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?-Catenin Signaling Biases Multipotent Lingual Epithelial Progenitors to Differentiate and Acquire Specific Taste Cell Fates.


ABSTRACT: Continuous taste bud cell renewal is essential to maintain taste function in adults; however, the molecular mechanisms that regulate taste cell turnover are unknown. Using inducible Cre-lox technology, we show that activation of ?-catenin signaling in multipotent lingual epithelial progenitors outside of taste buds diverts daughter cells from a general epithelial to a taste bud fate. Moreover, while taste buds comprise 3 morphological types, ?-catenin activation drives overproduction of primarily glial-like Type I taste cells in both anterior fungiform (FF) and posterior circumvallate (CV) taste buds, with a small increase in Type II receptor cells for sweet, bitter and umami, but does not alter Type III sour detector cells. Beta-catenin activation in post-mitotic taste bud precursors likewise regulates cell differentiation; forced activation of ?-catenin in these Shh+ cells promotes Type I cell fate in both FF and CV taste buds, but likely does so non-cell autonomously. Our data are consistent with a model where ?-catenin signaling levels within lingual epithelial progenitors dictate cell fate prior to or during entry of new cells into taste buds; high signaling induces Type I cells, intermediate levels drive Type II cell differentiation, while low levels may drive differentiation of Type III cells.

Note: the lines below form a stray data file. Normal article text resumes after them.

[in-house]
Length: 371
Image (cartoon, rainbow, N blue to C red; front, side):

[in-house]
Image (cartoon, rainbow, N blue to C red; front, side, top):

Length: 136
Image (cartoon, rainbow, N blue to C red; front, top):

SUBMITTER: Gaillard D 

PROVIDER: S-EPMC4447363 | BioStudies | 2015-01-01

REPOSITORIES: biostudies

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